The Pankhurst family is indelibly associated with the British suffragist movement, thanks in no small part to their tireless activism on behalf of women's rights. Yet while the matriarch Emmeline is commemorated with a statue at Westminster and her second daughter Sylvia has been the focus of numerous printed works (including her own 1931 book The Suffragette Movement) Emmeline's eldest daughter Christabel has not received the same degree of recognition for her efforts. Part of the reason for this, as June Purvis explains in her superb biography of the orator and activist, is because of the sibling rivalry that existed between the two sisters and the role that Sylvia's history-cum-memoir played in shaping our perception of their roles in the suffrage movement -- a role that has overshadowed the vital role Christabel played in winning British women the right to vote.
In many ways Christabel's activism was a product of her upbringing. A barrister and activist, Richard raised his children to advocate for social and political reform. Even before completing university Christabel was doing just that, as she joined with her mother in forming the Women's Social and Political Union (WSPU) in 1903. Breaking away from the mannered and respectable agitation of older women's rights organizations, the WSPU disrupted speeches, vandalized property, and engaged in hunger strikes and other activities in prison to promote their cause. Christabel was a leading figure of this effort, thanks to her abilities as an orator and her commitment to her cause.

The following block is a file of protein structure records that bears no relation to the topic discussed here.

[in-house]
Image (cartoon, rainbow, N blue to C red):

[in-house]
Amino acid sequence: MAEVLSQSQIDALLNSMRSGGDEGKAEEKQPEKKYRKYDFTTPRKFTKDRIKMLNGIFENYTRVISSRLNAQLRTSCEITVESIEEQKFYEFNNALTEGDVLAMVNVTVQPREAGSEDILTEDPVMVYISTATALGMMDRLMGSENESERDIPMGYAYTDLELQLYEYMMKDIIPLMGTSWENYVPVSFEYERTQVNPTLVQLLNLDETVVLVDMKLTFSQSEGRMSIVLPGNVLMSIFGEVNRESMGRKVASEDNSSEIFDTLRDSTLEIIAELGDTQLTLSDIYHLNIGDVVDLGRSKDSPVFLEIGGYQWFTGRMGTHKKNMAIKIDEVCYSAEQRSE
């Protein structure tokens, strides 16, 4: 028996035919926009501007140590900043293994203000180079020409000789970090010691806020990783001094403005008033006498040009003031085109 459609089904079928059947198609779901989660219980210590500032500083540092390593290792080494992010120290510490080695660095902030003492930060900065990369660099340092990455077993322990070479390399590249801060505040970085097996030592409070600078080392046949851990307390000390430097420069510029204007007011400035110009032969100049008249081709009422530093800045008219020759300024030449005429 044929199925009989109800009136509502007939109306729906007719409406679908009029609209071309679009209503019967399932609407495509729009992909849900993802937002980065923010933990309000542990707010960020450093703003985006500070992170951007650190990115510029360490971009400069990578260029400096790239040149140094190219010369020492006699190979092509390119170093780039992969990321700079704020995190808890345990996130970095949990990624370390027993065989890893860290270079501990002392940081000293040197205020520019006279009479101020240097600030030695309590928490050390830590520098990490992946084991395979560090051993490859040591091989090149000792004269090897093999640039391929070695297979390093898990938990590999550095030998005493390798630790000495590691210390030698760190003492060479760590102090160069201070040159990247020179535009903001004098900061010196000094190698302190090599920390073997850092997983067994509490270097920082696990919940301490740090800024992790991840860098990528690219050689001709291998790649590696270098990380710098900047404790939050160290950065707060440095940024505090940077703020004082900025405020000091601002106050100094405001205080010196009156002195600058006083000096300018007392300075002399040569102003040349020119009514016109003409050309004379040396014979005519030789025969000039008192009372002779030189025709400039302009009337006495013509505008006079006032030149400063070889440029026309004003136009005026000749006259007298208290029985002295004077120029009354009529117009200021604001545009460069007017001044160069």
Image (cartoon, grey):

Exiled to France in 1912, Christabel returned to Britain with the start of the First World War. Unlike her pacifist sisters she joined with her mother in championing the war effort, renaming the WSPU's newspaper Britannia and calling for a more vigorous prosecution of the conflict. Though her conviction that such efforts would be rewarded with the vote were partially vindicated in 1918, she shared the despair many of her contemporaries felt at the loss of so many lives, A chance encounter in a bookstore led Christabel to embrace the Second Adventist movement, and in the early 1920s she moved to Los Angeles, where she spent her later years as a preacher and author of religious books.
Exhaustively researched and well-written, Purvis's book is a model of what a biography should be. Her efforts serve to rehabilitate Christabel's image from the diminishment of it that her sister and other scholars have so often unjustly inflicted. It is a book that everyone interested in the suffrage movement should read, both for its celebration of Christabel's achievements and the insight it provides into how she and other activists fought for and won the right for millions of women to be heard.